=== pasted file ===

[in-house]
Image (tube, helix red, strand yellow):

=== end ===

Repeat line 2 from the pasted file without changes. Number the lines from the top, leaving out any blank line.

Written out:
Image (tube, helix red, strand yellow):